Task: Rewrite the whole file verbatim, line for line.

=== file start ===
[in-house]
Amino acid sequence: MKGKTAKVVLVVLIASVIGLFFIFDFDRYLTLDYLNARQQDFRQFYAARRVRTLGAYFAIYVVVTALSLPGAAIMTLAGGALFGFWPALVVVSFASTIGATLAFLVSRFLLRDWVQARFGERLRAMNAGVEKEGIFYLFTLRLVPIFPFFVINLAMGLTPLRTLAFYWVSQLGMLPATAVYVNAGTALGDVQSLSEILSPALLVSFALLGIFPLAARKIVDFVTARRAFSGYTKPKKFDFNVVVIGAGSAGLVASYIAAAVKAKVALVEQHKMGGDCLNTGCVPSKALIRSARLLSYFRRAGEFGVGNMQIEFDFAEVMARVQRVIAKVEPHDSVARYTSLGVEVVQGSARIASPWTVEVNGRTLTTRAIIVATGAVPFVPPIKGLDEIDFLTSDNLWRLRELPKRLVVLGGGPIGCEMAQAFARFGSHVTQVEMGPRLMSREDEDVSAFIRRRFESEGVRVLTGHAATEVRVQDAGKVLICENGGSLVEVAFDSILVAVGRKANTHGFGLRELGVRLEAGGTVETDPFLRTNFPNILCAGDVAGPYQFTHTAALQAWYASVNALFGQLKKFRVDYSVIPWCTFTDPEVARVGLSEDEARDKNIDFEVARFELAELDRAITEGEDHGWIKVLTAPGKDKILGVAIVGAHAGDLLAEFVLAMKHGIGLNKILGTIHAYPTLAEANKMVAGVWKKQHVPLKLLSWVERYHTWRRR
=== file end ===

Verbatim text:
[in-house]
Amino acid sequence: MKGKTAKVVLVVLIASVIGLFFIFDFDRYLTLDYLNARQQDFRQFYAARRVRTLGAYFAIYVVVTALSLPGAAIMTLAGGALFGFWPALVVVSFASTIGATLAFLVSRFLLRDWVQARFGERLRAMNAGVEKEGIFYLFTLRLVPIFPFFVINLAMGLTPLRTLAFYWVSQLGMLPATAVYVNAGTALGDVQSLSEILSPALLVSFALLGIFPLAARKIVDFVTARRAFSGYTKPKKFDFNVVVIGAGSAGLVASYIAAAVKAKVALVEQHKMGGDCLNTGCVPSKALIRSARLLSYFRRAGEFGVGNMQIEFDFAEVMARVQRVIAKVEPHDSVARYTSLGVEVVQGSARIASPWTVEVNGRTLTTRAIIVATGAVPFVPPIKGLDEIDFLTSDNLWRLRELPKRLVVLGGGPIGCEMAQAFARFGSHVTQVEMGPRLMSREDEDVSAFIRRRFESEGVRVLTGHAATEVRVQDAGKVLICENGGSLVEVAFDSILVAVGRKANTHGFGLRELGVRLEAGGTVETDPFLRTNFPNILCAGDVAGPYQFTHTAALQAWYASVNALFGQLKKFRVDYSVIPWCTFTDPEVARVGLSEDEARDKNIDFEVARFELAELDRAITEGEDHGWIKVLTAPGKDKILGVAIVGAHAGDLLAEFVLAMKHGIGLNKILGTIHAYPTLAEANKMVAGVWKKQHVPLKLLSWVERYHTWRRR